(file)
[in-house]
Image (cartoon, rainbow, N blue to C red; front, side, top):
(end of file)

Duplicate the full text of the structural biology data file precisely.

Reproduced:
[in-house]
Image (cartoon, rainbow, N blue to C red; front, side, top):